Below is a list of resources for clinicians including detailed information on epidemiology of vaccine preventable diseases, the CDC’s immunization schedules, recommendations for vaccine storage and advice on how to talk to parents and patients about vaccine safety.
VISs in foreign languages can be downloaded from the Immunization Action Coalition’s (IAC) website. IAC has translated VISs into 41 languages. More information about IAC resources can be found below.[/lsvr_accordion_item][lsvr_accordion_item title=”ACIP Recommended Immunization Schedules”]Child, Adolescent, and Catch-up VersionsÂ — Find printable versions in various formats: regular paper, pocket size, MMWR, and laminated; load on your smartphone; check the binational resource.
Adult VersionÂ — Find printable formats in various sizes, download the interactive tool, or load the schedule on your smartphone.[/lsvr_accordion_item][lsvr_accordion_item title=”Administering Vaccines”]
Administering Vaccines to Children and Teens
- Administering Vaccines: Dose, Route, Site, and Needle Size
- Medical Management of Vaccine Reactions in Children and Teens
- How to Administer IM and SC Vaccine Injections
Administering Vaccines to Adults
- Administering Vaccines to Adults: Dose, Route, Site, and Needle Size
- Medical Management of Vaccine Reactions in Adult Patients
- How to Administer IM and SC Vaccine Injections to Adults
[/lsvr_accordion_item][lsvr_accordion_item title=”Vaccine Adverse Events Reporting System”]The Vaccine Adverse Event Reporting System (VAERS) is a national vaccine safety surveillance program co-sponsored by the CDC and the FDA. The National Childhood Vaccine Injury Act of 1986 requires health professionals and vaccine manufacturers to report to the U.S. Department of Health and Human Services (HHS) specific adverse events that occur after the administration of routinely recommended vaccines.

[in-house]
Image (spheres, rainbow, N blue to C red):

- Report an adverse event to VAERS
- FAQs about VAERS
- Information for Health Professionals
- Vaccine Safety and VAERS — CDC
- Vaccine Adverse Events — FDA
[/lsvr_accordion_item][lsvr_accordion_item title=”Addressing Vaccine Hesitancy and Refusal”]
Resources Addressing Vaccine Hesitancy and Refusal
- Provider Resources for Vaccine Conversations with Parents
- How to Respond to Common Misconceptions about Vaccination
- Communicating with Families about VaccinationÂ
- Trusted Sources of Vaccine Information
Documenting Vaccine Refusal
- Documenting Parental Refusal to Have Their Child Vaccinated (AAP)
- Decision to Not Vaccinate My Child Form (IAC)
[/lsvr_accordion_item][lsvr_accordion_item title=”Clinical Resource and Reference Books”]Epidemiology and Prevention of Vaccine-Preventable Diseases — The 13th Edition “Pink Book” was published in 2015 by the U.S. Centers for Disease Control and Prevention (CDC). It includes updated information on routinely used vaccines and the diseases they prevent. You can order a hard copy or read it online at no cost.
Report of the Committee on Infectious Diseases of the American Academy of Pediatrics — The 30th Edition “Red Book” was published in 2015 by the American Academy of Pediatrics (AAP). It includes the latest findings and clinical guidelines on the manifestations, etiology, epidemiology, diagnosis, and treatment of more than 200 childhood conditions.[/lsvr_accordion_item][lsvr_accordion_item title=”Immunization Action Coalition”]The Immunization Action Coalition (IAC) works, “to increase immunization rates and prevent disease by creating and distributing educational materials for health professionals and the public that enhance the delivery of safe and effective immunization services.”
- Clinic Resources — materials for staff education, training, tool kits, advice on coding & billing, documenting vaccination and much more.
- Handouts for Patients & Staff — screening questionnaires, recommendations, storage & handling, parent handouts and more.
- Talking About Vaccines — background information and practical resources that will help medical professionals discuss immunization with concerned parents or patients.
- Tips for Locating Old Immunization RecordsÂ — Piecing together old immunization information can be difficult and time-consuming. Here are some ideas that might help you reconstruct this information.